This is the story of two teenagers who, in the middle the Chinese Cultural Revolution, are sent to the Phoenix Mountains to be re-educated because of their bourgeois origins. There they will share the lives of the rural population, their struggles and difficulties. In this place they will meet a young seamstress with whom Luo, one of the boys, will fall in love. They will also get hold of a suitcase full of banned books which will become the door to far away worlds, to love and to freedom.
The narrative of the book is beautiful in its simplicity and it conveys all the sadness of their situation. I fell in love with the narrator, the other boy (whose name is never mentioned) because of his innocence and unswerving loyalty to his friend and I love Luo for the same reason, because he is always ready to help out his friend. In this terrible context their friendship is so pure that not even a totalitarian regime or fear can break it, not even a girl. I also enjoyed how the author shows that the novels the boys read are not only a way of escaping their reality but also a way to learn about passion and feelings. The ending, while abrupt and painful, is also a hymn to the freedom that knowledge can provide, a little ray of hope for the only character who can actually have any. It left me with a bittersweet feeling because while I know the seamstress is doing what is best for her, it also seems selfish and cold-hearted.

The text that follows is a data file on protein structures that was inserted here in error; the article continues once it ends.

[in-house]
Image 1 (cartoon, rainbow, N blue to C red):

The 172 pages of Balzac and the Little Seamstress, filled with episodes of these two boys’ daily lives with a deep emotional load, will leave nobody indifferent.